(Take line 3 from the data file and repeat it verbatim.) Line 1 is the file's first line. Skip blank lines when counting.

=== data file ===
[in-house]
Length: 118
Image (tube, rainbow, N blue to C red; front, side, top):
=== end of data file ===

Image (tube, rainbow, N blue to C red; front, side, top):